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Old     (Vxmine)      Join Date: Jan 2012       01-20-2013, 5:47 AM Reply   
Hopefully, someone can help me here. We're planning to do a houseboat vacation this summer on Lake Ouachita and I'm planning to take my boat. I was wondering if there is anything different I need to do in order to tow a long distance.

We'll be towing from Houston to Lake Ouachita, which is about 450 miles. I have a 06 Tige 24v (4350?) and we used my LR3 all of 2012 to tow the boat almost every weekend to the lake (1hr one way). It tows all of our gear and people just fine on this trip, but I know things change when you go from a 80 mile trip to 450.

I know my gas mileage is going to be ugly (probably 10mpg), but I am trying to make sure I have all my bases covered.


Old     (boardman74)      Join Date: Jul 2012       01-20-2013, 7:06 AM Reply   
I would just make sure the maintenance is up to date on your vehicle and also on your boat trailer. Especially the trailer paying special attention to things like bearings, tires, axles, brakes, brake actuator, and the lights. If it tows it fine for 80 miles should also for 450.
Old     (pc_sledge)      Join Date: Jan 2006       01-20-2013, 7:36 AM Reply   
It seems like every other long trip i take i blow a trailer tire. Make sure you bring a spare, jack, appropriate socket or wrenches, to get you going again. When i lose a tire it always seems to be in the middle of nowhere. Also check the fluid level in your trailer bearings, this will avoid a lot of heartache. I think long trailer trips for boating always are more susceptible to issues because they usually occur in the hottest summer months, and typically your boat trailer makes the same short jog to your local spot and doesn't generate the heat and abuse that hours and hours on the road will cause. Also try to avoid loading your boat with extra vacation gear. The boat trailer is usually built specifically for your boats weight with a little bit of gear, not loaded down with evreybody's suitcases. Have fun! That's a lake i've always wanted to visit.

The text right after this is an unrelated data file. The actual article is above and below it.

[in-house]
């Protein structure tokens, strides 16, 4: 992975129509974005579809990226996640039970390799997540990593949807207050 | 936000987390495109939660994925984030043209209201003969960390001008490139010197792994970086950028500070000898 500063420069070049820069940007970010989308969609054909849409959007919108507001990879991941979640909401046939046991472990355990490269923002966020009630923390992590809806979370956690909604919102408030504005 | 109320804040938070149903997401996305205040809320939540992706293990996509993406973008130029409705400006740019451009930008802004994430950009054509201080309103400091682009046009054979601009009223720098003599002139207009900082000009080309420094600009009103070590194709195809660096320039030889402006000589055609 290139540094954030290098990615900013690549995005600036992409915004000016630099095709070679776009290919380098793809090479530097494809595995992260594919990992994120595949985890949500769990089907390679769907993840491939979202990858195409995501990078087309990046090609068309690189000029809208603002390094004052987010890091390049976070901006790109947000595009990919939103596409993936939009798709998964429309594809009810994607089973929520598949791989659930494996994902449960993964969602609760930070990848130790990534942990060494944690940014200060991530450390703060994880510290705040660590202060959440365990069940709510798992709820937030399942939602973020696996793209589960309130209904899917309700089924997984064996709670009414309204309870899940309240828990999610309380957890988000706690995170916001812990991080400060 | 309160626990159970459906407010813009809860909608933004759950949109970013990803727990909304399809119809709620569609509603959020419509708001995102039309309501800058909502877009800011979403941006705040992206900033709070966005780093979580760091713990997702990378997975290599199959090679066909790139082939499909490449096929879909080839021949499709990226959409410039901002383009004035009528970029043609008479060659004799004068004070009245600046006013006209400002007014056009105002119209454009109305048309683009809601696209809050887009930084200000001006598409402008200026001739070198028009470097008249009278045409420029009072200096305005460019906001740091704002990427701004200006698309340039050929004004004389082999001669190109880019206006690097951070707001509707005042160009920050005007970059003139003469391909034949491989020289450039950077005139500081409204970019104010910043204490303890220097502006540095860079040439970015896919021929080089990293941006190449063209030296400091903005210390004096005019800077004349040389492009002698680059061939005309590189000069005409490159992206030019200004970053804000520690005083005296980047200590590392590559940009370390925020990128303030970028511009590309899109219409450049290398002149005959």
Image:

Old     (mikebu)      Join Date: Aug 2008       01-20-2013, 11:45 AM Reply   
Frequently check your Tire Pressure and make sure it doesn't get low. I think most tire failures are caused by low tire pressure. Low tire pressure leads to the tire flexing more because it gets squashed against the road which leads to heat buildup which can lead to tire failure. I've been lucky and only had 1 tire failure ever and I have made at least 20-30 450 mile round trips to my dads house in eastern Washington. My 1 tire failure was our travel trailer and it blew coming home when we were 1 mile away from home so I didn't even stop but kept driving.
Old    LR3w8kbrdr            01-20-2013, 12:51 PM Reply   
Do you have a full size spare for the LR3? I threw what came with the lr3 out and picked up an actual matching tire/wheel of my other 4.
Old     (Vxmine)      Join Date: Jan 2012       01-20-2013, 5:23 PM Reply   
Thanks for all the pointers, guys. Good stuff.

Old     (boardman74)      Join Date: Jul 2012       01-21-2013, 7:47 AM Reply   
Spares are a good point. Make sure you have them both. Trailer lug nuts can be different so make sure you have the right tools. My spare tire carrier also has a different size nut.
Old    LR3w8kbrdr            01-21-2013, 8:17 AM Reply